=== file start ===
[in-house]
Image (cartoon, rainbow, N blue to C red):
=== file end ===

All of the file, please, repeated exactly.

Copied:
[in-house]
Image (cartoon, rainbow, N blue to C red):